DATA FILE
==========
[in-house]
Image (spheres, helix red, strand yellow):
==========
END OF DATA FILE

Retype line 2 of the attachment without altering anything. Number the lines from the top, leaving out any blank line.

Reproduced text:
Image (spheres, helix red, strand yellow):